Real Life Rock Top 10 (02/10/87)

1. Minutemen: ballot result (SST retrospective, 1980-85)
This is what was left after guitarist D. Boon lost his life in late ’85: two LPs worth of demos, outtakes, stage tapes, audience cassettes, radio checks, and Mike Watt’s bloody charge into Roky Erickson’s “Bermuda.” A few album cuts have been thrown in for continuity, and the upshot is, if not the best Minutemen set, the most accessible and the most fun. Yes, they really were the Grateful Dead of punk (replacing karma with politics, faith with irony, boogie with rage, folkiness with artiness), and also the Beach Boys, and also their fans.

2. Bruce Springsteen & the E Street Band: “Two Hearts,” from Live/1975-85 (Columbia)
This ought to be a single–with a live “I’m Going Down” on the flip.

3. Pauline Murray and the Storm: “New Age” (Polestar, UK)
Murray sang Penetration’s generic punk manifesto “Don’t Dictate” ten years ago, and she’s been chasing her own voice ever since: dreamy, sweet, playful, confused, lyrical, above all naïve. It’s all in her tone; from “Dream Sequence” in 1980 to now, she’s answered questions no one else is even asking.
Pauline Murray
4. Larry Speakes: White House Press Briefing, January 8
Which he opened by playing a tape of “That’s All Right (Mama).” And continued by announcing that while he had no new information on the president, reporters could ask him “anything at all about the King.”

5. Sun Records: The Country Years, 1950-1959 (Sun/Bear Family, W. Germany)
Unlike the Sun Blues Years box, which was an epic, this spectacularly packaged, overpriced ten-LP set is an ordinary story; its deepest themes aren’t refusal and desire, but acceptance and routine. So you reduce your expectations, and notice small but gleaming anomalies, the product of an ordinary story being pushed just beyond itself, or given perfect shape. This might be Howard Seratt’s quiet folk-gospel, the rare sound of a man at peace with himself, or Cash King and the Miller Sisters’ “Can’t Find Time to Pray,” so delicate it almost hides its sting: “You must find time to die.”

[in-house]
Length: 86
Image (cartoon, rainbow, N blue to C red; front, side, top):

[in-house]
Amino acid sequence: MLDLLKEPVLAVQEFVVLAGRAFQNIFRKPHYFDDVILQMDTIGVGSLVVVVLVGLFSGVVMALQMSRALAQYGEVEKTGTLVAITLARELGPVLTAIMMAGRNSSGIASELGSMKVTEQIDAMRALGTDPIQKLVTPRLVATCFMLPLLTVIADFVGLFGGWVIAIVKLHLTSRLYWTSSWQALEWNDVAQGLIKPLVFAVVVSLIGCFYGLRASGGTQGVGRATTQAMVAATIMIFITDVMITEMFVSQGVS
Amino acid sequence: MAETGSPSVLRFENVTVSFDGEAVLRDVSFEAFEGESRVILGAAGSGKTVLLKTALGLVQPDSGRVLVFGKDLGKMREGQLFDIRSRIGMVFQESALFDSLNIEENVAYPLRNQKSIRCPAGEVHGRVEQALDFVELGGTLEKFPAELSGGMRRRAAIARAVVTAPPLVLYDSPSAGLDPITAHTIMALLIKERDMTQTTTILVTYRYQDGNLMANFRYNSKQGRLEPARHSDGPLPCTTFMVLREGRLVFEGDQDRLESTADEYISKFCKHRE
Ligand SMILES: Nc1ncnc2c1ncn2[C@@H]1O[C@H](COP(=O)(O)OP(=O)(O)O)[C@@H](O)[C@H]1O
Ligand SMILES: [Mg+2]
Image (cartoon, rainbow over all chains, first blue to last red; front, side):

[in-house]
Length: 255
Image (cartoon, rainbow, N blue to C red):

6. Eddie Money: “Bring on the Rain,” from Can’t Hold Back (Columbia)
Gene Pitney lives.

7. Julee Cruise: “Mysteries of Love,” from Blue Velvet: Original Motion Picture Soundtrack (Varese Sarabande)
Sort of like Laurie Anderson’s “O Superman” as composed by David Lynch and Angelo Badalamenti, and performed by Rosie and the Originals.

8. Hajj: Muslim Gaze (Limited 4, UK)
This seems to be the first disc inspired by the Iran debacle, and simply as an artifact, it has an ominous power. The, combination of the all-knowing face of Khomeni on the front cover, the baffled, scared face of Reagan on the back, and the title–as Mike Watt says on “ballot result,” “one title is worth a million lyrics,” and Muslim Gaze doesn’t have any.

9. Los Lobos: By the Light of the Moon (Slash)
Fine. But not superfine.

10. Malcolm Bradbury: Eating People is Wrong (Academy Chicago reprint, 1959)
As author of The History Man and Rates of Exchange, Bradbury has become increasingly impressed with his own sense of humor since publishing this rather chilling comic novel about the wasteland of postwar British liberal culture. Here the humor cuts, and it never claims the page merely for the sake of a joke. Bradbury understands that sometimes the gift of humor is to ease the way to seriousness, as in the following passage, just the musings of one of his characters, and also a eulogy appropriate to any person, at any time, in any place: “But the life one leads cuts out all the lives one might have led; one is never a virgin twice; events engrave themselves. Life is a unity to the soul. We meet events halfway; they are part of us, and we are past of them; nothing is incidental. Ahead comes the point where all events exist at once, and no new ones are in sight, the point on the edge of death, which is a reckoning point.” Play that dead band’s song again.

Village Voice, February 10, 1987


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